Friday, August 15, 2008

Rajmah, Reconsidered

Kinder weather, a day well spent in the gym and at work, a little girl enveloped and tangled up in strings of plastic Indian tricolours which made me wish I carried my camera everywhere, and rajma that turned out creamy and tasty - these are the memories I will carry of today's Independence Day.

I've made rajma in the past but hadn't liked it much. I also especially didn't like the sad tomato gravy that went as the base; I especially hate the tomato skins that separate and float in triangular, rolled up bits in the gravy, so I gave it up altogether. .Recently, however, I started eating rajma again, but only in the form of a bean salad. When I soaked a cup of rajma last night for today's salad, I had a sudden change of heart - I'd been looking up leguminous recipes and this seemed to be calling out. And why not? I had all the ingredients at hand, and was ready to take up the challenge of rajma gravy afresh. The recipe is from Vimla Patil's book Indian Cuisine Dal Roti. I made adjustments in the quantities, not the method.

Rajmah (kidney beans): 1 cup, soaked for 12 hours
Onions: 1 large and 1 small, minced
Garlic paste: 1/2 tsp
Ginger paste: 3/4 tsp
Coriander powder: 1/2 tsp
Oil: 2 tsp (the recipe recommended ghee)
Tomatoes: 3 small ones, chopped up after skins are removed by blanching, either on stovetop or in MW
Green chilli: 1, chopped
Turmeric: 1/4 tsp
Salt to taste
Ghee: 1/2 tsp
Water: 1-2 cups

Drain the rajmah and wash it thoroughly. Place it in the pressure cooker and cover with water just a little above its level. Pressure cook rajmah for 30 minutes. After the first whistle, lower heat to 'simmer' and let it cook for 30 minutes. Do not remove from fire unless you are worried about it burning. After the 30 minutes, remove from the fire and let it cool down gradually.

In a pan, heat the oil and fry the minced onions.

Add the turmeric and coriander powders. Also the ginger, green chilli and garlic.

Keep stirring and add the chopped tomatoes and salt.

Add some water, cover and let it cook to a mush.

If it's drying out and not pulpy enough, add some more water.

When you think it's thick and mushy enough, add the kidney beans.

Cook till creamy and soft.

Add the half teaspoon of ghee to this and serve hot.

  • Notes: It is important to slow-cook the rajmah, and for that long - I don't remember cooking it this long earlier, no wonder I hadn't liked the results.
  • The tomatoes: It's a personal preference that I like them skinless in gravies - makes the gravies smoother.
  • And keep turning the gravy around - this mashes some of the beans and thickens the gravy further.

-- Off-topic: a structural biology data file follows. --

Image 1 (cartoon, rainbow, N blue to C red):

• Adding that bit of ghee at the end made it all the more mellow. I hadn't ever done this before.

The South Indian that I am, I had assumed the traditional accompaniment to rajmah was rotis. As I found out just a couple of years ago, it's rice. I imagine it would taste great with a fine, scented variety such as Basmati but as I hadn't been particular and The Spouse had already made the rice, it was eaten with the everyday variety. It's going to frequent my table from now on!

This goes off to aid dear Susan's love affair with the legumes.

For a more comprehensive post on Rajmah (and instructions on how to cook it without a pressure cooker), go here.


  1. aha! so someone has been kickin ass in the gym ;)...the rajma looks delicious...will give it try...just don't know when ;)...have a great weekend sra!


  2. 30 minutes in the pressure cooker??? No wonder it looks so well cooked and creamy. The first time I had rajma was in Delhi and it was served with rice. I prefer it with roti, though.

  3. That is super creamy Sra and I have always had with rotis too though I've heard that rice is the best side dish... :) My husband likes rajma only a particular way... have got to try your version. Happy Independence Day.

  4. "I especially hate the tomato skins that separate and float in triangular, rolled up bits in the gravy" hahahhaha

    I usually just pulvurise skin, seed, pulp et al in a good Sumeet Mixie!..just too lazy to blanch, peel, dice...and other civilities ;-)

  5. BTW - Really like your MS Paint portrait! :-)

  6. Rajma(h) looks very creamy indeed!!!

  7. yummy rajma! Looks so good.

  8. What a coincidence! I had Rajma yesterday at a party with rotis. I prefer with rotis though.